|By Zach Patterson||Monday, 15 Jan 2007|
I think most people’s reaction to a pinball game featuring Samus and Metroid Prime environments was “uggghh”. For whatever reason, the Metroid series has for a long time never been subject to license whoring, and has largely lived on its primary games (save of course the Smash Bros games and random guest appearances). So many were not particularly happy to hear that Metroid was going to be a pinball game. I, on the other hand, was elated. If it is one thing I like, it is video pinball. From the earliest days of gaming I can remember, I remember playing pinball. Perhaps a result of my brother’s love of it as well, I have always enjoyed a good game, be it live or video. Some of the first games I played for PC were pinball games. So the idea of a Metroid theme really excited me.
And to Fuse Games credit, they really did a fantastic job transferring the world of Metroid Prime to a pinball game. Represented here is 7 environments: Main tables Pirate Frigate and Tallon Overworld, Boss tables Phendrana Drifts, Phazon Mines, Artifact Temple, and the Core, and multiplayer level Magmoor Caverns. Pirate Frigate and Tallon Overworld have by far the most to do on them, with various event battles where you can attack creatures as Samus in ball form or roll out to have a shootout from a stationary, rotating position. There are also short minigames that require you to wall jump up a gap to retrieve an item or extra ball. The boss tables are a little less detailed, with less to collect and less opportunities for points. However, they do allow you to collect upgrades and fight some pretty impressive boss battles. And to the game’s credit, the enemy AI on the tables are simple but effective. Space Pirates present an annoying challenge, Metroids actively seek to latch on and drain your life away, while the bosses generally mind their own business until you come up into their screen. Which leads me to another thing about this game. What is great about this game is that there is no scrolling that had long plagued video pinball. Both screens are used effectively for displaying an entire table, so you never lose track of the ball (or multiballs) and it is relatively easy to follow the ball and still pay attention to other things happening on the table. This unfortunately comes at the cost of multi-leveled environments, which while very cool, are not included here.
Graphically, the game is beautiful. The game uses 3D animated sprites to give a very detailed and faithful rendition of many enemies, bosses, and Samus herself. Modes are usually accompanied by flashy text that tells you what to hit, and the environments are very similar to Prime’s, with perhaps Tallon Overworld and Phendrana being the most impressive.
The game is also very intuitive and easy to pick up, like any pinball game should be. The controls are very responsive, using either the L and R or d-pad left and A as the flippers. Either is comfortable. The physics for the most part are pretty great, a bit better than Fuse’s last game, Mario Pinball Land. There are times when the ball doesn’t bounce the way it should off a certain item or the in a multiball where the balls tend to forget the rules of the board, but this is very rare and hardly detracts from the overall gameplay.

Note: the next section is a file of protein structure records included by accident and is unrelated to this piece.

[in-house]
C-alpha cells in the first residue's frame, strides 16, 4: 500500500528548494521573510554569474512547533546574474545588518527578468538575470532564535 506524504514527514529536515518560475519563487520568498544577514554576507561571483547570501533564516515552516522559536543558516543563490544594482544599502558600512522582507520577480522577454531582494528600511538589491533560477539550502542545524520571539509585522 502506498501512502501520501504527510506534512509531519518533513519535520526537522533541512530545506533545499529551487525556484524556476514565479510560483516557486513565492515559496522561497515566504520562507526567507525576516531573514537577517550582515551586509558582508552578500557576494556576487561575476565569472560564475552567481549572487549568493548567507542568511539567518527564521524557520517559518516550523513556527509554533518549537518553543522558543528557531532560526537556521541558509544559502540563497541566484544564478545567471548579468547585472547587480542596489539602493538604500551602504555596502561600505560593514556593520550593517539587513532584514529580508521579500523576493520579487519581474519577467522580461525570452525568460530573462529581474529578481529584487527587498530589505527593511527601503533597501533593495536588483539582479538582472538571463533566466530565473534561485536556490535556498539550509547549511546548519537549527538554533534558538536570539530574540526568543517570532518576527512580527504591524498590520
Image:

There are some disappointments that set in after the overall wow factor is gone. For one thing, some of the enemies are just cheap. It’s guaranteed that more than a few times, you will want to throw your DS in disgust as a Triclops spits you down the center. Sometimes it doesn’t even matter if you hit the enemy from behind, you may still be attacked and unmercilessly thrown to your doom. Other annoyances include the unpredictability of the flippers to hit certain targets (accurate most of the time, but some ramps are extremely difficult to hit consistently), as well as the complete ineffectiveness of the nudge feature. You press the bottom screen to nudge, but it really does nothing to affect the outcome of where your ball is going. (I’ve not yet had a nudge save my ball as I saw it falling to its doom). Another gripe that can or cannot be a sticking point is that while there are 7 tables, the multiplayer table is rather dull (come on, it’s Magmoor, guys! It could have been great…) and there are only two tables that don’t feel incomplete (Tallon and the Frigate). Additional tables from the past games or Prime 2 would have been great, but this game follows Prime pretty closely. Its multi-mission mode does present a pretty nice story type mode where you have to collect all the artifacts to enter the temple (just like the Gamecube game) and then square off against Metroid Prime. Unfortunately, there isn’t much of a reward for beating the game, as you just get a short 5 second cinema followed by credits. I don’t really expect much of an ending, but it feels a bit rushed with no real transitions or conclusion. And one last issue; sometimes games can take quite awhile, and a save state function like what was included in Final Fantasy IV Advance (i.e. you can save anywhere but once you load the file, it is gone) would have been nice.
There are bonuses for beating the game, and I suppose the game does encourage you to play boards a lot for better scores, but I cannot help but wish a few more upgrades could have made the game. A new suit, new beam, anything would have been nice. It was a rather nice surprise to have the power bomb, missiles, bombs, and the new force ball, but this really is an excellent concept that seems like it could have been perfect with a little more development time. As it is, though, the game is fiercely addictive and for pinball enthusiasts, or Metroid fans, it is bound to be a joy to play.